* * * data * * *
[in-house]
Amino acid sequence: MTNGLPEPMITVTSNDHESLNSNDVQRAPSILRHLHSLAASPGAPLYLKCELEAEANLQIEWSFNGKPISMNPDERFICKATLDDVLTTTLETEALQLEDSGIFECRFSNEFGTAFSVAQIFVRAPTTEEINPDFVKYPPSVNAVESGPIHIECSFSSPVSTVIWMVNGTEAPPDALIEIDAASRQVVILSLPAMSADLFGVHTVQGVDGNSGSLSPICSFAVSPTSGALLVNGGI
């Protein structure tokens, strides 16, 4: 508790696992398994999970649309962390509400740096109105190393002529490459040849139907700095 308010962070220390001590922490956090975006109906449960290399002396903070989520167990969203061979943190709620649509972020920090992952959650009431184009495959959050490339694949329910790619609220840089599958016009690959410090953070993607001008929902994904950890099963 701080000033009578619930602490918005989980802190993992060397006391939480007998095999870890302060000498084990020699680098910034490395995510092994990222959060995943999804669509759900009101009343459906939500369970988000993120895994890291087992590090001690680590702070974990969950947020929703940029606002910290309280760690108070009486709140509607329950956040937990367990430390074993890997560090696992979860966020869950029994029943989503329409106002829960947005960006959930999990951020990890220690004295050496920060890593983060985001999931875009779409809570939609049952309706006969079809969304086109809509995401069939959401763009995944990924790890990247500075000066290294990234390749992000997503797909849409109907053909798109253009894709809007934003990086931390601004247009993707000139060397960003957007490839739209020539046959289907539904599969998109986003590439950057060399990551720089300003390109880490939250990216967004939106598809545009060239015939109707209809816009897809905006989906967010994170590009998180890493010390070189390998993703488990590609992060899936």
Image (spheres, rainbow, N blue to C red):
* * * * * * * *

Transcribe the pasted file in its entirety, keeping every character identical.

[in-house]
Amino acid sequence: MTNGLPEPMITVTSNDHESLNSNDVQRAPSILRHLHSLAASPGAPLYLKCELEAEANLQIEWSFNGKPISMNPDERFICKATLDDVLTTTLETEALQLEDSGIFECRFSNEFGTAFSVAQIFVRAPTTEEINPDFVKYPPSVNAVESGPIHIECSFSSPVSTVIWMVNGTEAPPDALIEIDAASRQVVILSLPAMSADLFGVHTVQGVDGNSGSLSPICSFAVSPTSGALLVNGGI
């Protein structure tokens, strides 16, 4: 508790696992398994999970649309962390509400740096109105190393002529490459040849139907700095 308010962070220390001590922490956090975006109906449960290399002396903070989520167990969203061979943190709620649509972020920090992952959650009431184009495959959050490339694949329910790619609220840089599958016009690959410090953070993607001008929902994904950890099963 701080000033009578619930602490918005989980802190993992060397006391939480007998095999870890302060000498084990020699680098910034490395995510092994990222959060995943999804669509759900009101009343459906939500369970988000993120895994890291087992590090001690680590702070974990969950947020929703940029606002910290309280760690108070009486709140509607329950956040937990367990430390074993890997560090696992979860966020869950029994029943989503329409106002829960947005960006959930999990951020990890220690004295050496920060890593983060985001999931875009779409809570939609049952309706006969079809969304086109809509995401069939959401763009995944990924790890990247500075000066290294990234390749992000997503797909849409109907053909798109253009894709809007934003990086931390601004247009993707000139060397960003957007490839739209020539046959289907539904599969998109986003590439950057060399990551720089300003390109880490939250990216967004939106598809545009060239015939109707209809816009897809905006989906967010994170590009998180890493010390070189390998993703488990590609992060899936």
Image (spheres, rainbow, N blue to C red):